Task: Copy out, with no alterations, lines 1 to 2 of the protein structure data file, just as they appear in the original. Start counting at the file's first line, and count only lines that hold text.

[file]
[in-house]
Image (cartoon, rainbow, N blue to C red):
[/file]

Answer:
[in-house]
Image (cartoon, rainbow, N blue to C red):